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Brooklyn, New York (Motherboard.tv) -- From a quiet swath of English countryside, some one and a half hours outside of London, researchers are receiving radio messages from the farthest reaches of the universe.
To do it, they're relying on one of astronomy's newest and largest gadgets -- the Low Frequency Radio Array radio telescope. The new, clever Dutch and EU-wide installation uses 15,000 low-tech receivers, supercomputer data processing and high-speed internet to form a mega-telescope capable of absorbing cosmic radio waves from the full sky at higher resolutions than ever before. When the British section of the telescope opened late last year, Motherboard attended the ribbon-cutting ceremony and met some of the scientists involved.
For centuries, astronomy centered around what could be observed with our most wonderful and yet meager visual tool -- the eye. But in the last 50 years, the ability to receive radio waves, infrared and ultraviolet radiation, and X- and gamma rays -- all of them at different wavelengths than visible light -- has provided new and completely unexpected information about the nature and history of the universe.
The resulting data and images from radio astronomy (despite the "radio" part, you can't listen to these radio signals) have yielded a cosmic zoo of strange and exotic objects, including radio galaxies, quasars, pulsars, masers, and cosmic microwave background radiation, which has provided compelling evidence for the Big Bang.
But we have yet to deeply explore the low radio frequencies, the lowest energy extreme of the spectrum accessible from Earth. The wider the distance between the antennae, the higher the resolution of the "picture" that a radio telescope can make. Hence the large footprint of most radio telescope projects, from the Giant Meter-wavelength Radio Telescope in India to the Very Large Array in New Mexico. LOFAR is capable of producing even more accurate "images" than its predecessors.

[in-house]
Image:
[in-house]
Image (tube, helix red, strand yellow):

With more resolution than any other telescope, the 1500 km-wide LOFAR array is opening this frontier to a broad range of astrophysical studies, including transient sources, ultra high energy cosmic rays, cosmic magnetism, and the wonderfully-named Epoch of Reionization, when the first stars and black holes made the universe hot. This research will only accelerate over the next decades, as scientists build LOFAR's successor, the Square Kilometre Array (SKA).
In the first research to emerge from LOFAR, to be published this month, scientists say that the telescope will lead to a tenfold leap in new discoveries of pulsars -- the peculiar stars whose highly-regular spin can be used as a kind of clock, and effectively, as a test of Einstein's theory of general relativity. By observing pulsars as they beam toward Earth from different directions, astronomers are able to detect minute differences as the signals arrive, caused by the gravity waves that Einstein predicted would distort space-time in different directions. If gravity waves are real, one of these "clocks" would seem to be running slowly.
Also announced this week by an international team of astronomers -- LOFAR has made the deepest wide-field images of the sky in the relatively unexplored part of the radio spectrum around 150 MHz.
To process data from across the network, the Chilbolton telescope and the supercomputer in the Netherlands require an internet speed of 10 gigabits per second -- more than 1000 times faster than your typical home broadband speed. That's just the kind of bandwidth you need when you're downloading the far reaches of the cosmos.